TIMOTHY JORGENSEN: The main hazards from microwave ovens come from heating. So you can burn yourself with a microwave oven. So that’s the danger. So if the microwave was, in fact, on and she put her hand in it, she would have felt the heat. And hopefully she would quickly withdraw her hand before she got a burn there. But that’s the main hazard with microwave oven. It’s the burning.

IRA FLATOW: I was saying a few moments ago, the microwave has been in our homes for 50 years, Timothy. I know you have written a bit about how we got it in the first place. And I know the history, because I’ve written a little bit about it. But it was a fortuitous accident involving a radar tube and a candy bar, if I remember correctly?

TIMOTHY JORGENSEN: Yeah, so there was this guy, Percy Spencer, up at Raytheon. And he was a whiz with radar. And he was working on developing radar for the government. And one day he was working with an item called the magnetron, which is what actually produces the radar waves. And so the thing was on. And he noticed that a candy bar he had in his pocket was melting.

And so he attributed it, it must be coming from the microwaves. And so what he did was, he took an egg and he aimed the radar magnetron at the egg and the egg exploded. Then he did something similar with popcorn. And pretty soon he went on to patent that and it became the microwave oven.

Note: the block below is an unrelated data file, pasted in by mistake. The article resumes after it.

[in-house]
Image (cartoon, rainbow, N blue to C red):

IRA FLATOW: But, John, these were not the tiny little ovens that we have today.

JOHN DRENGENBERG: Really, the first ones were gigantic ovens. They were as big as a refrigerator. And in fact, to keep the magnetron– which was the main tube that produces the microwave energy– to keep it cool they had to plumb it with the cold water so it would not destroy the magnetron

IRA FLATOW: So they had them only in big places, maybe steamships– in those days that’s ocean liners and trains, places you could have a 700 pound box sitting with all the plumbing in it.